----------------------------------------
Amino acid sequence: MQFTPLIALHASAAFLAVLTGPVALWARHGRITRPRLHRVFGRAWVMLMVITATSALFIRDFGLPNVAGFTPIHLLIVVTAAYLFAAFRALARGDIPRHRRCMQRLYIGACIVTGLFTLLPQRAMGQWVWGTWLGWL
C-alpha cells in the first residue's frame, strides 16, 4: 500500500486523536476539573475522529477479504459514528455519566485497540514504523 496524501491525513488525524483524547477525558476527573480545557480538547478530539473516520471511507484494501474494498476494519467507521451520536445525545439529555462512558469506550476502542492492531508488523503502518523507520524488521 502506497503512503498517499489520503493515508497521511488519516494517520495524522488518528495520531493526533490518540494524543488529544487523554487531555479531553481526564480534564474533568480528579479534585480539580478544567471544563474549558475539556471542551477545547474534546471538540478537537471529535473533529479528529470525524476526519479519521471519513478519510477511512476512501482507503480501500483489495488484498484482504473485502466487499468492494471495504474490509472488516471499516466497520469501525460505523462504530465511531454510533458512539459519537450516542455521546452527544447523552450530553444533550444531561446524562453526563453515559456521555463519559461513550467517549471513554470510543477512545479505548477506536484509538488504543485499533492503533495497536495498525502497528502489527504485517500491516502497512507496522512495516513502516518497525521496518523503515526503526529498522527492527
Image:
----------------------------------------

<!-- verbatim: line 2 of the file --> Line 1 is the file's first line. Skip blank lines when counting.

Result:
C-alpha cells in the first residue's frame, strides 16, 4: 500500500486523536476539573475522529477479504459514528455519566485497540514504523 496524501491525513488525524483524547477525558476527573480545557480538547478530539473516520471511507484494501474494498476494519467507521451520536445525545439529555462512558469506550476502542492492531508488523503502518523507520524488521 502506497503512503498517499489520503493515508497521511488519516494517520495524522488518528495520531493526533490518540494524543488529544487523554487531555479531553481526564480534564474533568480528579479534585480539580478544567471544563474549558475539556471542551477545547474534546471538540478537537471529535473533529479528529470525524476526519479519521471519513478519510477511512476512501482507503480501500483489495488484498484482504473485502466487499468492494471495504474490509472488516471499516466497520469501525460505523462504530465511531454510533458512539459519537450516542455521546452527544447523552450530553444533550444531561446524562453526563453515559456521555463519559461513550467517549471513554470510543477512545479505548477506536484509538488504543485499533492503533495497536495498525502497528502489527504485517500491516502497512507496522512495516513502516518497525521496518523503515526503526529498522527492527